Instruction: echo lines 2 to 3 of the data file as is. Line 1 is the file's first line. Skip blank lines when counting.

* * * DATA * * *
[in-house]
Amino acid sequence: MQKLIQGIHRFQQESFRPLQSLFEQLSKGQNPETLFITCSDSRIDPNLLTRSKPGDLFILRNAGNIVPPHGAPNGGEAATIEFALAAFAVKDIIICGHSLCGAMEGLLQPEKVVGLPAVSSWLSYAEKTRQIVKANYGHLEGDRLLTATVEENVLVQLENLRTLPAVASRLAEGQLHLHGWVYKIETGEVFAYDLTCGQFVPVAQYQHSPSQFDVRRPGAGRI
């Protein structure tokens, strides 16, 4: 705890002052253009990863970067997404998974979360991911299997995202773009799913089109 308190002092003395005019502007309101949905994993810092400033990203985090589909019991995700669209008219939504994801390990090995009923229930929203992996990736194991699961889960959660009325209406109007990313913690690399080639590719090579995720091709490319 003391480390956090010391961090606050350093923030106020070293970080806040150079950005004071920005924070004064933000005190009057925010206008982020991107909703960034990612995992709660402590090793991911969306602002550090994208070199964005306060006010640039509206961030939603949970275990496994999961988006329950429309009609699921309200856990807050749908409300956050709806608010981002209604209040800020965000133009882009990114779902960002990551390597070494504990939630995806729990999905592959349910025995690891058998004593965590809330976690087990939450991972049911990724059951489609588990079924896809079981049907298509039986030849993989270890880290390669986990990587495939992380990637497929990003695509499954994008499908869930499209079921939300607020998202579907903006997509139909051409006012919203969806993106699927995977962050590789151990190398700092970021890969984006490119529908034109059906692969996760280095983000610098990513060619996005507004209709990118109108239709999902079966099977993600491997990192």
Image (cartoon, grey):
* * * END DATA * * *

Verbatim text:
Amino acid sequence: MQKLIQGIHRFQQESFRPLQSLFEQLSKGQNPETLFITCSDSRIDPNLLTRSKPGDLFILRNAGNIVPPHGAPNGGEAATIEFALAAFAVKDIIICGHSLCGAMEGLLQPEKVVGLPAVSSWLSYAEKTRQIVKANYGHLEGDRLLTATVEENVLVQLENLRTLPAVASRLAEGQLHLHGWVYKIETGEVFAYDLTCGQFVPVAQYQHSPSQFDVRRPGAGRI
């Protein structure tokens, strides 16, 4: 705890002052253009990863970067997404998974979360991911299997995202773009799913089109 308190002092003395005019502007309101949905994993810092400033990203985090589909019991995700669209008219939504994801390990090995009923229930929203992996990736194991699961889960959660009325209406109007990313913690690399080639590719090579995720091709490319 003391480390956090010391961090606050350093923030106020070293970080806040150079950005004071920005924070004064933000005190009057925010206008982020991107909703960034990612995992709660402590090793991911969306602002550090994208070199964005306060006010640039509206961030939603949970275990496994999961988006329950429309009609699921309200856990807050749908409300956050709806608010981002209604209040800020965000133009882009990114779902960002990551390597070494504990939630995806729990999905592959349910025995690891058998004593965590809330976690087990939450991972049911990724059951489609588990079924896809079981049907298509039986030849993989270890880290390669986990990587495939992380990637497929990003695509499954994008499908869930499209079921939300607020998202579907903006997509139909051409006012919203969806993106699927995977962050590789151990190398700092970021890969984006490119529908034109059906692969996760280095983000610098990513060619996005507004209709990118109108239709999902079966099977993600491997990192």